Chang Che is a freelance journalist.
In a futuristic work of art that went viral this fall, the Chinese artist Fan Wennan envisions a world brought to heel by Communist China.
By the year 2098, America is a satellite state, and Manhattan a tourist attraction memorializing the "tragedy" of Western decay. Plastered across the beige columns of the former New York Stock Exchange hangs the lurid red flag of the "People's Union of America."
As emergent vaccines signal a provisional end to the pandemic, how we choose to interpret the lessons of the past year will have consequences for future generations. Some wax philosophical on our penchant for undue suffering, while others use historical patterns to glean that which is yet to come. Yet the most popular story of the year was geopolitical: how the uneven effects of the pandemic revealed the truth of the best political model.
Since March, Chinese nationalists have championed the view that their country's successful handling of the pandemic vindicates its authoritarian model of governance. Its essential features -- political centralization, lack of respect for civil rights and strong state capacity -- many say, make it especially well equipped for emergency situations like the pandemic.
With China's market roaring back in full force, even liberal-minded analysts have entertained the thought. Nikkei's senior executive editor Ryosuke Harada, for example, in the article "Tech gaps and a pushy China pose challenges for the world" published on Dec. 16, acknowledged that China had pulled ahead of its Western counterparts by using "authoritarian rule." That the U.S., a byword for democracy, continues to handle the pandemic worse than most other developed countries, is the perfect sequel to the nationalist tale.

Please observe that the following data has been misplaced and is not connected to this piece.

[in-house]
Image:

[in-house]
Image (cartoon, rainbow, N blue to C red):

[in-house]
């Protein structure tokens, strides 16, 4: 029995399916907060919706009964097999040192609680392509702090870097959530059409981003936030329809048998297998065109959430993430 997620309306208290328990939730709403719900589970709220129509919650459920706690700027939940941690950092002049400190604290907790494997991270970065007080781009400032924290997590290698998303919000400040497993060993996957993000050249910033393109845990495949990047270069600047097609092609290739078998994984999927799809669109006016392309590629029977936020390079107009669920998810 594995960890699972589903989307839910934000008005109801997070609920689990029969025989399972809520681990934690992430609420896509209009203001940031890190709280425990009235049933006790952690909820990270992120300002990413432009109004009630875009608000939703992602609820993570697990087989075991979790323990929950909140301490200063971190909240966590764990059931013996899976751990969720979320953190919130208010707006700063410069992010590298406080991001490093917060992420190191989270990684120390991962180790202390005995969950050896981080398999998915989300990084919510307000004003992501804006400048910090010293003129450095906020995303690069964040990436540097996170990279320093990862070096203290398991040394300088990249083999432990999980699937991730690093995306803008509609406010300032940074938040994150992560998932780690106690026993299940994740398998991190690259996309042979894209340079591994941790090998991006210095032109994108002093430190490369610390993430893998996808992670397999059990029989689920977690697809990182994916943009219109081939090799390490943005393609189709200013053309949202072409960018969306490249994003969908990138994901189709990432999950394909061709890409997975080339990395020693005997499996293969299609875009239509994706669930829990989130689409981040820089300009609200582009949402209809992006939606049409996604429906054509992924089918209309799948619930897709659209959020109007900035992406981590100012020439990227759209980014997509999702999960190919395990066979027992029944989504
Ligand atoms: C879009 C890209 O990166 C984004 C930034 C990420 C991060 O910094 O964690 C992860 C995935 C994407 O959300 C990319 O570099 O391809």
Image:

Yet reality paints a more complex picture. According to the Coronavirus Resource Center at Johns Hopkins University, the countries with the lowest number of COVID related deaths per capita are an eclectic bunch. They include China, but also South Korea, Germany, New Zealand, Singapore and Taiwan, all of which tout democratic elections, a separation of powers and basic protections for civil liberties. Countries that fared the worst against the pandemic were equally diverse. The U.S. had one of the highest deaths per capita from the virus. Yet following close behind it were Russia and Iran, two systems that could pass as China's cousins.
It is a broad truism that authoritarian governments are more decisive than their democratic counterparts. But if the pandemic has taught us anything, it is that this theory is spectacularly flawed. In the weeks leading up to China's shutdown of Wuhan on Jan. 23, political centralization discouraged discretionary action at the local level. Wuhan officials, either out of fear or habit, failed to take matters into their own hands, instead waiting for authorization from the central government -- a fatal flaw in an emergency. State censorship, another pillar of authoritarianism, suppressed the online rancor that typically follows a viral outbreak, prolonging valuable information about the virus that could have reached other regions and countries.